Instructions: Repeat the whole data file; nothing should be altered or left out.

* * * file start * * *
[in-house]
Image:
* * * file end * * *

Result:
[in-house]
Image: